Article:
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Prospectivity and Petroleum Systems Modelling of the Offshore Lamu Basin, Kenya: Implications for an Emerging Hydrocarbon Province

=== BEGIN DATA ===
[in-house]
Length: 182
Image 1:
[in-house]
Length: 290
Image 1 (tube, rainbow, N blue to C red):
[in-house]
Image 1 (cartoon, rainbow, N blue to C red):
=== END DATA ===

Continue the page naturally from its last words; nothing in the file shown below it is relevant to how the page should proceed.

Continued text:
Whilst recent years have seen major discoveries along the East African margin, the Lamu Basin in Kenya remains underexplored. Located in northern Kenya and covering both onshore and offshore, the Lamu Basin forms part of the Kenyan passive continental margin. The geology is controlled by tectonic movements that led to the break-up of Gondwana in the Jurassic and by Cretaceous activity on the Anza rift. Large discoveries in Tanzania and Mozambique indicate hydrocarbon potential in East Africa, as do heavy oil deposits on the conjugate margin in Madagascar. Exploration in the offshore Lamu Basin is limited, with only seven wells, but 52m net gas pay was discovered in channel and turbidite sands at Mbawa-1 in 2012. This indicates an active petroleum system, as do hydrocarbon shows in a number of wells and brightening on seismic data. 2D seismic interpretation will be combined with analysis of regional gravity data to constrain the tectonic history and structural geology of the offshore Lamu Basin. The survey covers from 1 – 4km water depth, and comprises 1035km of regional 2D lines, giving an overview of the basin and intersecting DSDP well 241. 9600km of new 2D seismic data currently being acquired also will be included. Seismic attributes constrain stratigraphic zones, including shale intervals providing potential source rocks, and sand-rich deposits which may act as reservoirs. Hydrocarbon plays are interpreted to range from pre-rift Karoo deposits, found in tilted fault blocks; through Jurassic syn-rift units terminating against faults and in drape and rollover anticlines; and into Cretaceous and Tertiary stratigraphic plays, reefs, turbidites and fans. The maturity and nature of source rocks in the Lamu Basin remains a key question. This study will utilise the petroleum systems concept, incorporating the presence of an active source rock a kely element along with reservoir, trap and seal, with development of the system controlled by the timing of these elements. A selected regional line traversing the northern offshore Lamu Basin from west to east is modelled and source rock intervals are identified, based on regional stratigraphy, constraining maturity and timing of generation. Combining regional studies with seismic data and the petroleum systems concept enables improved understanding of the prospectivity of the offshore Lamu Basin and indicates that all the required components of a petroleum system are present.